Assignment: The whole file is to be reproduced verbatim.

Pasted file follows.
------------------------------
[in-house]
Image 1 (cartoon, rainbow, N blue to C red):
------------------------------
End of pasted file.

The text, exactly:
[in-house]
Image 1 (cartoon, rainbow, N blue to C red):